In the month since my last post, there has been much to celebrate. At the top of the list is the successful defense of my dissertation, “A Peaceful Conquest: Woodrow Wilson, the League of Nations, and the Great War of American Protestantism.” Not only did I pass, but I passed with distinction.
It felt like this:
followed by this:
Thank you to everyone who supported me along the way, especially my colleagues at Florida State University and my family in the 4-state area (Kansas, Missouri, Oklahoma, and Arkansas).
A couple days ago, at the Historical Society’s blog, Glenn Alan Cheney considered “How a Nation Reports its Grief” and the surprising amount of primary sources he found related to the nation mourning the death of the Abraham Lincoln. He wrote, “But I soon realized I was witnessing—not reading about but witnessing—the most traumatic moment in American history. The assassination of Lincoln had shocked North and South alike.”
Similarly, I never intended to focus on the death of a president in my own work. I thought my dissertation would concentrate on Woodrow Wilson’s second term in office (1917-1921), particularly those three years in which the United States entered the Great War and then attempted to negotiate the post-war terms of peace. While I do talk about those things, my first archival trip to the Woodrow Wilson Presidential Museum & Library added a few twists and turns. Not only did I encounter incredibly interesting sermons given in Washington, D.C., London, and even China following President Wilson’s death in 1924, but also I had new questions in front of me: precisely what was going on? Why were all of these sermons, in the United States and outside of it, comparing Wilson to Christ as a “Savior of Humanity.”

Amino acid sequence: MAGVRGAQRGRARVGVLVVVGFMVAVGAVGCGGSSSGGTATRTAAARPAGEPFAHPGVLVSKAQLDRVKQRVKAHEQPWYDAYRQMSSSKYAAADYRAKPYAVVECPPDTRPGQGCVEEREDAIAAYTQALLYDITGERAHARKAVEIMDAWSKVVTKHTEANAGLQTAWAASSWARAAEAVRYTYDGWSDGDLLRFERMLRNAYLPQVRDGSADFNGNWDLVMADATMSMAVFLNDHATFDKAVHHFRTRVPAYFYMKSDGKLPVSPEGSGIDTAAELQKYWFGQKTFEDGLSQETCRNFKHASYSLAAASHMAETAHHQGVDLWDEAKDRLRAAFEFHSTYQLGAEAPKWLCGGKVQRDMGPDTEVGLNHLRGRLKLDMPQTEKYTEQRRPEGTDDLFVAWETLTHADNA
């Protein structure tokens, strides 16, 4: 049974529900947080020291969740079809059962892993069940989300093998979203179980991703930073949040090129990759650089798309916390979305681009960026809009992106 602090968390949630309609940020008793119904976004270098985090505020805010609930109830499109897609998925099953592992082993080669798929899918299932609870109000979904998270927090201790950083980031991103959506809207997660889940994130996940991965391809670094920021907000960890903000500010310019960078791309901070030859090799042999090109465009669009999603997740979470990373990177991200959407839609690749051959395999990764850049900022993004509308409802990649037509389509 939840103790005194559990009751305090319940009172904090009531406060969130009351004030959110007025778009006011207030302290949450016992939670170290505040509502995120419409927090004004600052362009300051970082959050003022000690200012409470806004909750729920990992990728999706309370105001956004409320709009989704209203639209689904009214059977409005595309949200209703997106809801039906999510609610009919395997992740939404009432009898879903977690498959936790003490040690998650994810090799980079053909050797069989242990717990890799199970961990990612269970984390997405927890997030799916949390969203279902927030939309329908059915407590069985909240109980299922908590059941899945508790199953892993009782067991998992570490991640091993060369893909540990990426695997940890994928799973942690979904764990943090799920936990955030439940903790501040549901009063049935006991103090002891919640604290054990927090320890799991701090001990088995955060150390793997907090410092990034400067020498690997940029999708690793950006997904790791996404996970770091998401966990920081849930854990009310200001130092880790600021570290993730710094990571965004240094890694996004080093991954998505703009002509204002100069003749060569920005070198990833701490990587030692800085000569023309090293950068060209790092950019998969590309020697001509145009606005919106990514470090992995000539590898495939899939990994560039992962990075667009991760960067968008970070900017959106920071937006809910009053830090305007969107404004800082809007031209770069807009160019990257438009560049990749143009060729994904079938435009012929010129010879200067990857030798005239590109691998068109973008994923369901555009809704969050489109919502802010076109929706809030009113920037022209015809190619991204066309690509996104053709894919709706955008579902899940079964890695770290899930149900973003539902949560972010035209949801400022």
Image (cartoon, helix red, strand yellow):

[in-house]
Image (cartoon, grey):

It did not take me long to realize that the death of the President revealed, among other things, the way in which Americans began to frame their recent past, their shared experience of the Great War. Take for instance, the official memorial service given by the United States Congress. Edwin Anderson Alderman, the President of the University of Virginia, contended–to a Congress newly controlled by Republicans as a result of public backlash to Wilson’s work at the Paris Peace Conference:
“As Lincoln with supreme wisdom planted his policy not on slavery but on union, Woodrow Wilson with a similar greatness tied his policy to the idea of the United States, the most powerful of states, should be a servant, a minister, a friend, not a master among nations. Never before in the history of mankind has a statesman of the first order made the humble doctrine of service to humanity a cardinal and guiding principle in world politics.”
While there is certainly pageantry and grandiose statements at play with the presidential funerals, Alderman’s assessments of Wilson as the nation’s President, along with similar assessments that occurred around the nation, illustrate how Americans wanted to view themselves as much as they wanted to remember Wilson. Even more remarkable are the numerous scrapbook pages compiled by Wilson’s widow, Edith, that document the telegrams, letters, calling cards, and other memorabilia sympathetic citizens sent to their former First Lady. These scrapbooks are but a fraction of the Library of Congress’ files related to the Scholar President, which explains why few have mentioned this portion of the archive. More consideration is certainly warranted, considering that Wilson is the only President entombed in a church, at Washington National Cathedral.